Cary Kolat, the second athlete representing the United States in 2000, spent his first two collegiate years at Penn State. He went 22-5 and was the NCAA runner-up in his freshman year and then went 39-1 and won Big Ten Wrestler of the Year in his sophomore season. He transferred to Lock Haven where he eventually won two consecutive national championships in 1996 and 1997. In the Sydney games, he placed ninth in the 63 kilogram weight class.

Sydney — 2000 & Athens — 2004

Kerry McCoy is the only Penn State wrestler to compete in multiple Olympic games. He was one of the greatest athletes to come through the program as he accumulated a record of 150-18 and two national championships. He also won three Big Ten titles and went on an incredible 88-match win streak. McCoy was also awarded the Hodge Trophy in 1997. In his two Olympic stints, McCoy took fifth and seventh, respectively. McCoy returned to Penn State as an assistant coach for four years following his career.

Athens — 2004

The face of the Penn State wrestling program and the backbone of the last decade of dominance has come from head coach Cael Sanderson. He was one of the best collegiate wrestlers to ever grace the mat, posting an undefeated record of 159-0 with four consecutive NCAA titles and conference titles. The Iowa State Cyclone is the only wrestler in history to win the Hodge Trophy three times. His dominance didn’t stop after college as Sanderson went on to win the gold medal for the United States at the 84 kilogram weight class in freestyle wrestling. Sanderson became the Nittany Lions’ head coach and has produced one of the most prolific dynasties in all of sports.

London — 2012

Jake Varner, a four-time NCAA finalist and two-time NCAA champion for the Iowa State Cyclones represented the United States in the 96 kilogram weight class of the 2012 London games. Varner won the gold medal in London and eventually came to Penn State as an assistant coach from 2016 to 2021. In November of 2021, Varner was promoted to head the Nittany Lion Wrestling Club, Penn State’s Olympic Regional Training Center. In 2022, Varner was inducted into the National Wrestling Hall of Fame.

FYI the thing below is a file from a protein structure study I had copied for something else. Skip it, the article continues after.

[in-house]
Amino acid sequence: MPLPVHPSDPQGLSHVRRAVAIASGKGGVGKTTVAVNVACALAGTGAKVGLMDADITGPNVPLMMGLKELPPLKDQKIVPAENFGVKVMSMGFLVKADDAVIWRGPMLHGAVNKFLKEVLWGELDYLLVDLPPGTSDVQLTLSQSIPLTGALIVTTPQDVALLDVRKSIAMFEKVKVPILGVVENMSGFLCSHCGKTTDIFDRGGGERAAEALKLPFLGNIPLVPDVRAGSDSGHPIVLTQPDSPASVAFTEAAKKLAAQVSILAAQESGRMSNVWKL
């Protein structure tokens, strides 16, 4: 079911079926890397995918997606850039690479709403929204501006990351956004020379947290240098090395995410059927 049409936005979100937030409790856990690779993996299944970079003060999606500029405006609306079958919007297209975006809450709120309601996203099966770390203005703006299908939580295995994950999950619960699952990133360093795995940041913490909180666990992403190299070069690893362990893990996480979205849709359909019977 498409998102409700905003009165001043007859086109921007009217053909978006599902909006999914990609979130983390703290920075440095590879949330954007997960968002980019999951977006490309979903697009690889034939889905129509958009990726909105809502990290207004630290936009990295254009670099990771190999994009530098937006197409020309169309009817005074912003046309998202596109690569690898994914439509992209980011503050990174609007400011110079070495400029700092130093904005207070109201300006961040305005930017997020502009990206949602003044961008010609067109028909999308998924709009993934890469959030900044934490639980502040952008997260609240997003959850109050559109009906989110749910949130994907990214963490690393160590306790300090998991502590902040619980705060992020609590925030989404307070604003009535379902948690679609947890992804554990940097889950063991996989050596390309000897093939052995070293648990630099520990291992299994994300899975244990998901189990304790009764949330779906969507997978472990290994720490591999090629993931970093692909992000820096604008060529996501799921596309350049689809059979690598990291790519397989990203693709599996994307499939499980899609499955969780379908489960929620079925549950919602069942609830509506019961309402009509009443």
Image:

Rio de Janeiro — 2016

Frank Molinaro was a four-time All-American and a national champion in 2012 with the Nittany Lions. Molinaro held an undefeated record of 33-0 in his senior season, and the Penn Stater went on to win the Olympic Trials and then placed fifth in the Olympics in the 65 kilogram weight class. Molinaro returned to Penn State as an assistant coach from 2014 to 2016.

Tokyo — 2020

One of the best wrestlers to come out of Penn State is the most recent of affiliated wrestlers to take the mat in the Olympics. David Taylor, a two-time NCAA champion and a four-time Big Ten champion for the Nittany Lions has dominated the sport for years. He is a multiple Hodge Trophy winner and a four-time All-American. In the Olympics, Taylor earned a gold medal in the 86 kilogram weight class in freestyle wrestling. He earned an automatic bid to compete in the Championship Series in the 2024 U.S. Olympic Trials on Saturday, April 20, where he faced fellow Penn Stater and Nittany Lion Wrestling Club teammate Aaron Brooks.

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About the Author

Cooper Cazares

Cooper is a junior majoring in digital and print journalism from Virginia Beach, Va. He can be found with a long face on most Sunday afternoons for he is unfortunately a lifelong Washington Commanders fan. When he isn't watching sports, Cooper is usually tearing up at "Rudy" or taking a well-deserved nap. To reach him, follow him on Instagram (@cooper_cax) or Twitter (@CooperCazares). You can also email him at [email protected].